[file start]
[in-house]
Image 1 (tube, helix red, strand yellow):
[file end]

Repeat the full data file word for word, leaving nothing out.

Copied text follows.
[in-house]
Image 1 (tube, helix red, strand yellow):